Monday, August 16, 2010

Treasures of spectacle island

Spectacle island has an incredibly interesting history.
Abridged history:
17th century - source of firewood and a smallpox quarantine
18th century - the island housed farmsteads and picnickers
19th century - Two hotels were built in 1847, only to be closed by police ten years later when it was discovered they were used for gambling and other illicit activities. A horse rendering plant was built in 1857 followed by a city trash incinerator.
20th century - "the trash incinerator remained active until 1935. When the incinerator closed, trash was simply dumped on the island for the next thirty years, until a bulldozer was suddenly swallowed up by the trash in 1959. The island remained a smelly, leaking dump until the 1990. When the Big Dig began work in Boston in 1992, some of the excavated dirt and clay was used to resurface the island. The island was covered and built up by dirt, capped with two feet of clay, and covered with two to five feet of topsoil. Thousands of trees were planted, and paths, buildings, and a dock were built. The island opened to the public in June, 2006, for use as a recreational area with hiking trails, a beach, and a marina with boat slips for visitors"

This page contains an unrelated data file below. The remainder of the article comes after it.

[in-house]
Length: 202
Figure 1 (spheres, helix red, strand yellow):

(history provided by wikipedia)

Bruce supplemented this history with some other details such as the cache of methane gas in the island which is why they don't allow camping there in fear that someone will make a camp fire and set one of those methane deposits aflame which could burn for a long time (years possibly).

First site:
The first area that my group and I chose to examine was on one of the higher wrack lines. The first we did was separate the things we found into natural and man-made. Then from the natural things we separated the periwinkle shells, lady slippers, mussel shells, moon shell snails, random shells, sea weed, crab parts, and feathers. The man-made stuff was seperated into glass, simple ceramic, and ceramic with patterns. We started discussing what bruce was talking about when he said the large nuts rise to the top. I think it was ted who first suggested we start digging. We dug about 8-12 inches down but did not find many specimens different than the types we found on the surface.

a bunch of sea glass

periwinkle shells

lady slippers

mussel shells

ceramics with patterns

Second site:
The second sit we chose was right at the waters edge where the tide was coming in. We did not find any man made things there, only natural. We had to gather and record our observations quickly as the water was actively coming in. We found a small collecting of lady slippers clung to rocks, etc. We also found some razor back clam shells, several small crabs, one large oyster shell, moon snail shells, a large rock with a colony of barnacles, and one sea anemone.

live lady slippers

Rock covered with barnacles

razor back clams

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